Someone might say that a true purist would scratch build everything on a robot.  No doubt some people have done this.  There was a time when this was the only option since kits just didn't exist for assembling robots in functional blocks (i.e. quickly plugging together frame, controller, sensors, motors, etc.) and good software development tools now commonly available just didn't exist.  Today most toy stores are filled with such a wonderful assortment construction kits and battery-powered toys that the creative builder can construct literally anything he or she can imagine.  Hacking these kits to make something truly unique, innovative, and autonomous only seems fitting and can be really fun.  To not take advantage of these engineering shortcuts would be to reinvent the wheel and waste the time and diligent efforts of some very ingenious toy makers.  After all, time is money and I certainly don't have infinite amounts of either, but I probably have more money than time and so would rather invest it where it will give me the greatest return.

The cost of K'NEX was less than Legos or other motorized kits I looked at, offered good flexibility and strength in structural design, had reasonably good-looking motors, and proved to be a moderately though not excessively expensive to use.  The choice of this particular product, though experimental and untested, did prove to be workable and I was able to get a operational machine to fit within the contest constraints.  Building a larger robot based on this product would be quite possible and an interesting challenge (a fire fighter perhaps?).

My kids benefited from this experiment too.  They love to play with K'NEX, and now thanks to this grand experiment, they have a great selection of K'NEX hardware, including two motors I had to buy them to replace the ones K'NEXBOT used.  Wouldn't you know that the new ones I got them are better than the ones I used on K'NEXBOT.  Needless to say, they were thrilled to get the "leftovers" from my robot-building exercise since K'NEXBOT didn't actually use many of the kits' pieces.  Now they want me to build them a controller that can be incorporated into the K'NEX so they can build their own robot.  Hmmm...could have interesting product marketing possibilities.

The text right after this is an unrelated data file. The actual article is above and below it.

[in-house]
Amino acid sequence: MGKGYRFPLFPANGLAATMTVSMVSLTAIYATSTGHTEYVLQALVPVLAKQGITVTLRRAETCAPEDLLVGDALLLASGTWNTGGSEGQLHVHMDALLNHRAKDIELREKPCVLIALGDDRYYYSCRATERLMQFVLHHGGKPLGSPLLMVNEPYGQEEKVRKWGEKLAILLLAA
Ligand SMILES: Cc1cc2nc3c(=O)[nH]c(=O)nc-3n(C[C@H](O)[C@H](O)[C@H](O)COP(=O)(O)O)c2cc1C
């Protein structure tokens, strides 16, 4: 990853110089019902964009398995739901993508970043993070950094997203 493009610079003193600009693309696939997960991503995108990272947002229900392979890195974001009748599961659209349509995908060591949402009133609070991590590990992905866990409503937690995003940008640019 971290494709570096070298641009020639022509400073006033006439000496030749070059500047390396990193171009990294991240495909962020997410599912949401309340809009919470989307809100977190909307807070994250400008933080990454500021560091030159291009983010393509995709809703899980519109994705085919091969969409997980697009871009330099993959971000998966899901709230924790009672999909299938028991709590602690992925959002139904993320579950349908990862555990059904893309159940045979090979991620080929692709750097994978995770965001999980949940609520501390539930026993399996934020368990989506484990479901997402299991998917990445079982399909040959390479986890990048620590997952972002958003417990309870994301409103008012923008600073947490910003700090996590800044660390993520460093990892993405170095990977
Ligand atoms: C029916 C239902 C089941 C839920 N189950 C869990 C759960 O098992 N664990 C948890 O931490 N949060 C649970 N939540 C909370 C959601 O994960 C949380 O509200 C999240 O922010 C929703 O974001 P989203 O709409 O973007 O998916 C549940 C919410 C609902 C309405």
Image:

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K'NEXBOT was designed to compete autonomously, and if desired, by remote tethered control in robotic mini sumo contests.  Since I have not practiced tethered control very much, this would not show my best side, however the capability was already built into the robot, and I had an adaptable pennant from a prior project that required only minor rewiring.  The buttons permit the eight movements to be selected with a single button.  The top and bottom are forward and reverse. The diagonal buttons pivot forward and reverse to the left or right.  The side buttons spin clockwise and counterclockwise.  To connect the tether, the rainbow ribbon cable jumper that connects the I/O board to the BOTBoard is removed and the tether is plugged into the I/O board socket.  This feature adds remote control to the robot's capabilities, but I prefer to operate it autonomously since this most nearly emulates an artificial life form and is the most fun to watch.

In addition to sumo behavior, the robot can also function in "non-sumo mode" where it backs away from lines and contacted obstacles, and moves toward open spaces rather than pushing things as would be typical in a sumo contest.  This feature allows me to show off the robot without the benefit of a competitor or even a ring provided the floor color doesn't confuse the sensors.  Rest assured though, a companion is in the works.